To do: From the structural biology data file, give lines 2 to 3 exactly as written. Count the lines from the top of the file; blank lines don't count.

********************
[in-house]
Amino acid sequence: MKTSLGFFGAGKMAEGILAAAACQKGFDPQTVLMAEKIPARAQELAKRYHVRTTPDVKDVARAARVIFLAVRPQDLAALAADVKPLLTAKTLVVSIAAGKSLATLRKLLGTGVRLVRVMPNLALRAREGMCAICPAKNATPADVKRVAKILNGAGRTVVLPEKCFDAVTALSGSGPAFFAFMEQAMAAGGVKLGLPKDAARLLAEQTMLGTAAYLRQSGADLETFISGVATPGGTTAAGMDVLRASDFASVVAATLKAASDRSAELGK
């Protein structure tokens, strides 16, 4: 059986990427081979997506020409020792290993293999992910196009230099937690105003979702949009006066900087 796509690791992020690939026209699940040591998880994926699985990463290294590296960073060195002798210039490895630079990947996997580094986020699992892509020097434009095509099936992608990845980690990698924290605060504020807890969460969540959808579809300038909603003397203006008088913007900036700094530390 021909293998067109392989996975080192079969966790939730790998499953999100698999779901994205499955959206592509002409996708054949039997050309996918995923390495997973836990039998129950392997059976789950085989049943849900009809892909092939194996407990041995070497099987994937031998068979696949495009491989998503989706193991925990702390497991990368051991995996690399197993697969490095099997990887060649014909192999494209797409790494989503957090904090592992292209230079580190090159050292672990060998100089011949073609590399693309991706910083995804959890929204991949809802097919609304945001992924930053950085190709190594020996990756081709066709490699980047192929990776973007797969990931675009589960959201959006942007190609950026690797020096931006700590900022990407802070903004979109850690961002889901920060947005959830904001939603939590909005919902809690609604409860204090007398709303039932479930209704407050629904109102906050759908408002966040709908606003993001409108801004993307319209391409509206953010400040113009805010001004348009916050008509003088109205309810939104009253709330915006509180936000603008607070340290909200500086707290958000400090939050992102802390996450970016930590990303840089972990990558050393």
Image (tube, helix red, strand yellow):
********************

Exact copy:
Amino acid sequence: MKTSLGFFGAGKMAEGILAAAACQKGFDPQTVLMAEKIPARAQELAKRYHVRTTPDVKDVARAARVIFLAVRPQDLAALAADVKPLLTAKTLVVSIAAGKSLATLRKLLGTGVRLVRVMPNLALRAREGMCAICPAKNATPADVKRVAKILNGAGRTVVLPEKCFDAVTALSGSGPAFFAFMEQAMAAGGVKLGLPKDAARLLAEQTMLGTAAYLRQSGADLETFISGVATPGGTTAAGMDVLRASDFASVVAATLKAASDRSAELGK
């Protein structure tokens, strides 16, 4: 059986990427081979997506020409020792290993293999992910196009230099937690105003979702949009006066900087 796509690791992020690939026209699940040591998880994926699985990463290294590296960073060195002798210039490895630079990947996997580094986020699992892509020097434009095509099936992608990845980690990698924290605060504020807890969460969540959808579809300038909603003397203006008088913007900036700094530390 021909293998067109392989996975080192079969966790939730790998499953999100698999779901994205499955959206592509002409996708054949039997050309996918995923390495997973836990039998129950392997059976789950085989049943849900009809892909092939194996407990041995070497099987994937031998068979696949495009491989998503989706193991925990702390497991990368051991995996690399197993697969490095099997990887060649014909192999494209797409790494989503957090904090592992292209230079580190090159050292672990060998100089011949073609590399693309991706910083995804959890929204991949809802097919609304945001992924930053950085190709190594020996990756081709066709490699980047192929990776973007797969990931675009589960959201959006942007190609950026690797020096931006700590900022990407802070903004979109850690961002889901920060947005959830904001939603939590909005919902809690609604409860204090007398709303039932479930209704407050629904109102906050759908408002966040709908606003993001409108801004993307319209391409509206953010400040113009805010001004348009916050008509003088109205309810939104009253709330915006509180936000603008607070340290909200500086707290958000400090939050992102802390996450970016930590990303840089972990990558050393």